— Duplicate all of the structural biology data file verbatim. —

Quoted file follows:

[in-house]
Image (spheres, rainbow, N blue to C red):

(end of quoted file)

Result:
[in-house]
Image (spheres, rainbow, N blue to C red):